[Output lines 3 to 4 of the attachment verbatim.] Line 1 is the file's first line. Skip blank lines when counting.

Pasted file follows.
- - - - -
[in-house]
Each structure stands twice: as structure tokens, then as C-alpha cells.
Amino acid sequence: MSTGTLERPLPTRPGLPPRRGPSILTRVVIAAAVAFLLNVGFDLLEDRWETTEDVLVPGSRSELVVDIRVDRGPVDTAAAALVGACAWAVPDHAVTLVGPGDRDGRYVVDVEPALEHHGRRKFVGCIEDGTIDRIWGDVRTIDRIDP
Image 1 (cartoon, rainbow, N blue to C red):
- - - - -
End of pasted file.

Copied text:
Amino acid sequence: MSTGTLERPLPTRPGLPPRRGPSILTRVVIAAAVAFLLNVGFDLLEDRWETTEDVLVPGSRSELVVDIRVDRGPVDTAAAALVGACAWAVPDHAVTLVGPGDRDGRYVVDVEPALEHHGRRKFVGCIEDGTIDRIWGDVRTIDRIDP
Image 1 (cartoon, rainbow, N blue to C red):